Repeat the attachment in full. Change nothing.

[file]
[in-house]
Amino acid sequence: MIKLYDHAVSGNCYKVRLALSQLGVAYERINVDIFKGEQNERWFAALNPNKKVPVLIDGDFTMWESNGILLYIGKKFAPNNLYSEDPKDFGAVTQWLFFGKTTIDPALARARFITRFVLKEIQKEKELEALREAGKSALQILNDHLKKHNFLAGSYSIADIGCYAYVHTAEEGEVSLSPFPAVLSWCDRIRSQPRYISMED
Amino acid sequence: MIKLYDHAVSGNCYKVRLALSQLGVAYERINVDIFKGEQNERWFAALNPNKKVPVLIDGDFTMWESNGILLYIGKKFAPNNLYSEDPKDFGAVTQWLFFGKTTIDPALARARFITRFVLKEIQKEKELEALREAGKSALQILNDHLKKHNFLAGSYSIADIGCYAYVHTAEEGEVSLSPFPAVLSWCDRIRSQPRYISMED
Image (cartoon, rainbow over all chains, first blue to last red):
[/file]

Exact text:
[in-house]
Amino acid sequence: MIKLYDHAVSGNCYKVRLALSQLGVAYERINVDIFKGEQNERWFAALNPNKKVPVLIDGDFTMWESNGILLYIGKKFAPNNLYSEDPKDFGAVTQWLFFGKTTIDPALARARFITRFVLKEIQKEKELEALREAGKSALQILNDHLKKHNFLAGSYSIADIGCYAYVHTAEEGEVSLSPFPAVLSWCDRIRSQPRYISMED
Amino acid sequence: MIKLYDHAVSGNCYKVRLALSQLGVAYERINVDIFKGEQNERWFAALNPNKKVPVLIDGDFTMWESNGILLYIGKKFAPNNLYSEDPKDFGAVTQWLFFGKTTIDPALARARFITRFVLKEIQKEKELEALREAGKSALQILNDHLKKHNFLAGSYSIADIGCYAYVHTAEEGEVSLSPFPAVLSWCDRIRSQPRYISMED
Image (cartoon, rainbow over all chains, first blue to last red):